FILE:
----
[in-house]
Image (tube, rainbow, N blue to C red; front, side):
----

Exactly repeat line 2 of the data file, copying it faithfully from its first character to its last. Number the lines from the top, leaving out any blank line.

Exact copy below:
Image (tube, rainbow, N blue to C red; front, side):